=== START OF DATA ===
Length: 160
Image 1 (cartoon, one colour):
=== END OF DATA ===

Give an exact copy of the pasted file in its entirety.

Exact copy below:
Length: 160
Image 1 (cartoon, one colour):